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28 Nov 2023
by Emily Trant

How to make financial wellbeing benefits more inclusive

Financial wellbeing should be seen through a DEI lens, not depending on gender and ethnicity

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More than one in seven UK adults are financially excluded – around 14% of UK adults, according to LexusNexus. Yet in sectors which employ large numbers of frontline workers, such as retail and hospitality, recent research by Wagestream found this figure may be more than twice as high.

Financial inclusion means individuals have access to affordable financial products and services that meet their needs. This is particularly important for individuals whose financial resilience is low, because of, for example, low or unpredictable income, lack of savings or both.

Wagestream’s latest report, Essential and Excluded, explored financial exclusion, including what it means to be excluded, and how this differs based on gender and ethnicity. It surveyed 11,000 workers – most of whom work in hospitality and leisure, retail, healthcare and support services – to highlight the gaps in financial wellbeing for women and ethnic minorities. Both groups are more subject to volatile working hours, are more likely to be financially excluded, and more likely to use subprime credit products.

In these circumstances, access to useful and affordable financial services and products can be a lifeline to help individuals maintain smooth spending and essential consumption through peaks and troughs in income.

Understanding the challenge

Employers have a role to play, as income providers, and are beginning to realise this is not a niche issue. Financial exclusion is often a hidden or unknown facet of inequality that can impact the overall employee experience of work and pay – but there are opportunities for organisations to alleviate or even eliminate some of these challenges.

This starts with gaining a true understanding of the challenges employees face. While these challenges will differ from workforce to workforce, the research, which reflects the general demographic makeup of hourly and shift-based workers in the UK, reveals overarching findings that employers should consider as part of their diversity, equity and inclusion (DEI) strategy.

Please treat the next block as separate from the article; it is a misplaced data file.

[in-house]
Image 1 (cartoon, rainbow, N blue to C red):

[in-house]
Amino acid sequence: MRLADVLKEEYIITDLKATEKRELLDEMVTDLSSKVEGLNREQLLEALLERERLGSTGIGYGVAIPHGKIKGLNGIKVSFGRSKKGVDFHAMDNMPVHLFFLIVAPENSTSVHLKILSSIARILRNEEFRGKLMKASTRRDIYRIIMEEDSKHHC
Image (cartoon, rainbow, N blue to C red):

At the most fundamental level, variable pay creates shaky financial foundations, and ethnic minorities are more likely to experience variable hours than their white peers. These individuals are also more likely to lack adequate savings, are half as likely to receive state support compared to their white peers with similar income, and are more likely to use subprime and non-traditional credit products.

Understanding this is hugely beneficial for organisations looking to approach workplace policies and benefits through the lens of DEI. For example, with the knowledge that volatile working hours drive financial exclusion, especially among ethnic minorities, employers can make it an priority to consider the implications of their policies related to minimum contracted hours, shift notice periods and shift cancellation.

Payroll savings

Knowing that fewer than one in 10 households have adequate savings and that this challenge is more acute for ethnic minorities, helps employers see the importance of implementing a payroll savings programme.

Ideally, they should consider introducing this on an opt-out basis so employees can start saving by default. Recent research from Nest Insight shows that savings participation can reach as high as 71% of a workforce with this approach.

Ultimately, employers should focus on providing a wellbeing toolkit tailored to the needs and circumstances of their workforce. While the cost-of-living crisis has seen many organisations sharpening their focus on financial support, financial wellbeing programmes should be more than a knee-jerk reaction to high inflation. Getting them right can create routes to financial resilience, ultimately leading to longer term wellbeing.

Armed with the knowledge of the financial challenges colleagues face, organisations should ask the following questions when considering a financial wellbeing offering:

  • How does this create financial inclusion for women and individuals from ethnic minority backgrounds?
  • How does this affect individuals on variable pay?
  • What access to financial products do employees need to have to successfully use this?
  • What proportion of the workforce will be able to use this?
  • Are there any particular groups who are more or less likely to benefit from this?

Eliminating financial inequality

Whether the components under review are workplace loans, access to flexible pay, sick pay policies or insurance benefits, employers should always consider how these benefits might impact different groups of employees, and whether these policies and benefits are helping to create financial stability and financial inclusion.

Financial inequality persists in the UK, but employers have the potential to alleviate, or even eliminate some of this disparity. There is a clear business case for solving these employee challenges, with improving productivity for more than a quarter of a workforce, reducing churn and boosting recruitment all compelling business benefits. 

Tackling the inequality in workers’ experience of work, pay, savings and financial inclusion is not only the right but also the smart thing to do.

Discover Wagestream’s latest study on the financial exclusion of shift based workers here.

In partnership with Wagestream

Wagestream’s financial wellbeing platform makes work more rewarding for 3 million people.

Contact us today